My rating: 3 stars
On the surface, Jenna Rosen has it all: a husband who loves her, a comfortable life in Seattle, and good looks. But Jenna is troubled; it shows in her excessive drinking, Valium addiction, depression and the increasing discord in her marriage. But her problems can all be traced back to the loss of her son Bobby, who drowned during a family vacation in Alaska two years ago. Jenna blames herself for Bobby’s death and cannot get past it. Yet her husband Robert seems to have been able to put the past to rest. One night at a party, Jenna gets in Robert’s car and keeps on driving. Her trip leads her to Bellingham, WA, where she impulsively boards the ferry that will take her to Wrangell, Alaska—a small town where her Native American grandmother lived and close to the Thunder Bay Resort where Bobby died.
Once in Wrangell, things happen that lead her to believe that something is calling her to discover the truth about Bobby’s death. Her grandmother’s Tlingit ancestry begins to manifest itself in strange and frightening ways. As Jenna begins to explore the Tlingit legends of the kushtaka, she begins to believe that Bobby’s death was no accident. Determined to find the truth, Jenna embarks on a quest to discover what really happened at Thunder Bay. The result is a terrifying but liberating journey into the heart of the Alaska wilderness and the ancient legends of the Tlingits.
Contrary to what you might think, this isn’t a new book by Garth Stein, author of the best-selling Art of Racing in the Rain (which is on my TBR list for later this year). Rather, this is a rerelease of his first novel, which was published in 1998. (Note to authors: If your first book is not very successful, keep on trying. You may score later on and then get a rerelease for your earlier books!) Raven Stole the Moon has been out of print for several years, but is being rereleased on March 9. Remember how I told you I was reading a mystery book that I couldn’t talk about? This was it!
Anyway, on to my thoughts about the book. I have mixed feelings about this book. On the one hand, I enjoy stories of ancient legends coming to life in our modern world, and I thought the sections dealing with the kushtaka were disturbing and frightening at times. (Let me tell you, after reading this book, I won’t look at otters quite the same way again!) On the other hand, I had some issues with the tone and writing in the book. In many ways, the book is told in a very plain, straightforward way: She did this. Then she did that. He reacted this way. Then the author mixes in some stream-of-consciousness stuff that I found a bit jarring. Here is a small example:
She got off the freeway in Bellingham feeling tired and hungry. She pulled into a gas station to get some fuel for the Machine, and she picked up some Corn Nuts and a Coke—fuel for herself. The trip suddenly had the feeling of an all-night drive. Standing under a canopy of fluorescent bulbs. Artificial sunlight. Electrified reality. Everyone would be asleep if they weren’t plugged in.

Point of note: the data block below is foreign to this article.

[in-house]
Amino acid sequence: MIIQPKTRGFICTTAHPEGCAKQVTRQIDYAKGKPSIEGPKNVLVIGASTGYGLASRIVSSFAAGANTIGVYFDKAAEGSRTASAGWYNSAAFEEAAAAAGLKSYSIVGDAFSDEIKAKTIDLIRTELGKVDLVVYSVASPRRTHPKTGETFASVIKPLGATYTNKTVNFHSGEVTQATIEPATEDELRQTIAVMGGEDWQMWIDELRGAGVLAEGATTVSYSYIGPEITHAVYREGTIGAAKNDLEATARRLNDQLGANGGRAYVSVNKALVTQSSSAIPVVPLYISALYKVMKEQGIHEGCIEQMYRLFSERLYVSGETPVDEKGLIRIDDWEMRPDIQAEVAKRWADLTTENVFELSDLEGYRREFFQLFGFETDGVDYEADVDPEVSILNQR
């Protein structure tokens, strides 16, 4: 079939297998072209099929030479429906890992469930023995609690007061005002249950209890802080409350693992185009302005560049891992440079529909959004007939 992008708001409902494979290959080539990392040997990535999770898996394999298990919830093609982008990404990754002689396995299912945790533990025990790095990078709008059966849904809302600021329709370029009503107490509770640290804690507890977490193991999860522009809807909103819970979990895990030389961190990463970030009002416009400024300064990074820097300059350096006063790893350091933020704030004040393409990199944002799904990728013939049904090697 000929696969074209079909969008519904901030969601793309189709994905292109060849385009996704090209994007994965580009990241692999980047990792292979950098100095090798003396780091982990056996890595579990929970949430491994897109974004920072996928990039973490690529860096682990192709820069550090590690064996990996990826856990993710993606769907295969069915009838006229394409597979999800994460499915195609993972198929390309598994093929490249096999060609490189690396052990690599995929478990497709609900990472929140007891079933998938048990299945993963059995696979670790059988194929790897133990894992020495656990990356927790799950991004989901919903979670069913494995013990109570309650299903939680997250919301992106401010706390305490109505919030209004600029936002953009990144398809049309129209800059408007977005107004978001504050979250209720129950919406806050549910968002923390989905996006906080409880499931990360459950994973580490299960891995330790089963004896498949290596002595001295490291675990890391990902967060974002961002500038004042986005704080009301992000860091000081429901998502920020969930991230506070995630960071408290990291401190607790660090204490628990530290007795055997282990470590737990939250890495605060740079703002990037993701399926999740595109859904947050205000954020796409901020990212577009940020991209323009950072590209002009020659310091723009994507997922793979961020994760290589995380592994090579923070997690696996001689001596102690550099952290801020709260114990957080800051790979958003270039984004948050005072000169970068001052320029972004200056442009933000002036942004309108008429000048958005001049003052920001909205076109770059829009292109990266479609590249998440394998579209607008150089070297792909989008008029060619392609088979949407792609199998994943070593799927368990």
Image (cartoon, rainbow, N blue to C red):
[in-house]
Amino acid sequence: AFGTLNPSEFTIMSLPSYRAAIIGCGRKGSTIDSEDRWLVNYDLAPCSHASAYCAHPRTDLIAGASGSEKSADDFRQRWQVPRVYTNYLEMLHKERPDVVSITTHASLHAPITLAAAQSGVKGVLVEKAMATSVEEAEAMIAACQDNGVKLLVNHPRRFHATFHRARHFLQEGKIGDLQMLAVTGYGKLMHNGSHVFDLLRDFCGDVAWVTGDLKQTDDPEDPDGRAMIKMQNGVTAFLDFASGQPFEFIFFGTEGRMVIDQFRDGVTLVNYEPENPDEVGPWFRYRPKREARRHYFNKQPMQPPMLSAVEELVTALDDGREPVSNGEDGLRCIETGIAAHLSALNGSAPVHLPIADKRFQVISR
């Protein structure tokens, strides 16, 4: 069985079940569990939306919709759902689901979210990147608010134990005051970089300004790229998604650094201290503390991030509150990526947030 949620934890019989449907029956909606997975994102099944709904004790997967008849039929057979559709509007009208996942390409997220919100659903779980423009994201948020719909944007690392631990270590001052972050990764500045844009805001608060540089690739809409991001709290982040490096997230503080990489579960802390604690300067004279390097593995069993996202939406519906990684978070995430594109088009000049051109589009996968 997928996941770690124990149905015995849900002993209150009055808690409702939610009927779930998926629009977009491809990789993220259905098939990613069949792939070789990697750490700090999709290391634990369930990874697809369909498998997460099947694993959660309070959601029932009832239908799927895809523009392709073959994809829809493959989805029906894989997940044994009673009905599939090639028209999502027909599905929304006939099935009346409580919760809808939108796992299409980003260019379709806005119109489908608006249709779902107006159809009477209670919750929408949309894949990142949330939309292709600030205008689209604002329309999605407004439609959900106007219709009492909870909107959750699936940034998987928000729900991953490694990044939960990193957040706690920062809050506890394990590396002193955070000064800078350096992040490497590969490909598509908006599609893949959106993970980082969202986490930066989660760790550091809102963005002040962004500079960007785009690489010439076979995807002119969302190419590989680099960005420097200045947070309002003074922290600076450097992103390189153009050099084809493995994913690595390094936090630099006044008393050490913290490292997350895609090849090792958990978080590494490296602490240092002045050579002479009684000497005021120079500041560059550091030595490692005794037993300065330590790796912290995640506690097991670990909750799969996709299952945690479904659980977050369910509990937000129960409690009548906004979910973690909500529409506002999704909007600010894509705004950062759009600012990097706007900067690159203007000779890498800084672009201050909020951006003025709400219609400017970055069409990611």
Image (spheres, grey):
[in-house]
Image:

My other quibble was that I thought the emotional lives of characters could have been better developed. We know Jenna is devastated by the loss of her son because the author tells us, but I never really felt it from Jenna herself. For me, this kept the book from being more than a competently told story with some supernatural elements. I think with a little more work and polishing, this book could have been something special. However, in the end, I think it falls shy of the mark.
My Final Recommendation
If you enjoy books with supernatural elements related to Native American culture, this would be a good read for you. The Tlingit legends and story line were the most compelling part of the story for me, and the descriptions of the kushtaka were interesting and a bit frightening. Although the writing is competent and the story moves along quickly, I didn’t think it was unforgettable or out of the ordinary. For this reason, I’m giving it 3 stars. However, that is just one girl’s opinion! I suspect you’ll be seeing a torrent of other reviews about this book in the coming week so check out what other bloggers thought about it using the Book Blogs Search Engine.
Also, if you fell in love with Garth Stein’s The Art of Racing in the Rain (and so many of you seem to have done that!), you may want to check out this book. I know that when I fall in a love with a book, I always like to explore the author’s other writings as well.
The Whys and Wheres: A big thank you to Terra Communications for my review copy. They graciously offered me the opportunity to be a part of promoting this rerelease.
Hey … you know that if you click on the link above and buy this book, I might get a few cents. I think I’m supposed to let you know that. No obligation or anything. But if my review made you want to buy the book, why not help me out? All proceeds go to support this blog. Not there are a lot of proceeds, by the way. If I’m lucky, I might eventually get enough to pay the postage for one of the giveaways I’m always having.